The deadline to mail your handmade Christmas cards for delivery by the USPS in time for Christmas is December 21st. Don’t despair, if the holiday madness has gotten in the way of your crafting, there is still time. However you are going to have to think less like Martha Stuart and more like Henry Ford. In 1913 he reduced the time to manufacture an automobile from 12 hours to 2 hours and 30 minutes with the invention of the assembly line.
So Crafters put down that glass of wine and clear some space for your card making assembly line. If you want to try this idea to speed up your card making, first think about the steps your card takes to assemble and make a space for each one. For my assembly line the card parts are added as it moves from the die cutting station through to ribbon placement . Here is what I did.
Photo 1: Brightly Gleaming and Mossy Meadows
Since I don’t like to move my paper trimmer or Cuttlebug die cutting machine , I start in the craft room. At the first station I cut all the pieces of the Cardstock and Decorative Paper needed plus two in case of mistakes. This greeting uses Stampin up Brightly Gleaming decorative paper , Mossy Meadows cardstock and Very Vanilla for the base.
Photo 2: Copper Ornaments and Sentiment
Next at my Cuttlebug, I press copper ornaments and very vanilla circle backs laying the pieces on the dining room table (see above). As a hint to save paper, die cut embellishments from the center of the bottom card layer that will be covered (see photo 1 where the sentiment “joy” is cut out). As you can see (photo 2) it doesn’t show once the first layer is assembled. I’m going to use my dining room table for the assembly line though I need one more thing to help me push through the construction:
Photo 3: Martinis or Old Fashioneds
Just kidding, what I needed was my Anna Griffin Organizer, which keeps my scissors, adhesives, and tools at hand so I don’t have to run back and forth. For this design there is three adhesive stations, a tape runner to adhere the green strips to the very vanila card, liquid glue to hold both the copper ornament to it’s backing and the sentiment to the card, and Stampin up dimensionals to add the copper ornament. I like the added depth the dimensional gives to the card.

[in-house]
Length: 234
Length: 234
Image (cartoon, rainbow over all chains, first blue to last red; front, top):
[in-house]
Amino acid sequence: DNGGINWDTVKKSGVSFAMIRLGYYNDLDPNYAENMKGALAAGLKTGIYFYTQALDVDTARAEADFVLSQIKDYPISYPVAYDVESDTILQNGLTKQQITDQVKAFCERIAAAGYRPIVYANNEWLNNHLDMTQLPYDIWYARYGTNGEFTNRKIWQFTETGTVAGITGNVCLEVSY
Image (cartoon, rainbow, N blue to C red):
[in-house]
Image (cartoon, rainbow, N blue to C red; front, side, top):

Photo 4: Anna Griffin Organizer
I prefer to stand for some reason while I position the elements on the card. It seems easier and allows me to move station to station accurately placing the cardstock, copper ornament, “Joy” sentiment, and bow. This stage went quickly and these cards were finished in one night, hooray. Though, I have sent many cards after the occasion and they are just as appreciated, so if your cards take longer don’t stress!
Photo 5: Ribbons
This group of cards is for my husband’s work and they were packed up before I could get the last picture of 13 Christmas Cards. But I’m glad he was able to share our best wishes for a “joyful” holiday, which is the most important thing. Merry Christmas.
Photo 6: My Christmas Card to You, Merry Christmas
2 thoughts on “Assembly Line Cardmaking”
What a beautiful card!! I love the copper ornaments. I’m going to try making my cards this year, for special people but I like sending out picture cards with me and my dog on it 🙂 XOXO Emma|| Cardstock Queen
Thank you. Card making is stress relief for me with the benefit of sending special people some love.
LikeLiked by 1 person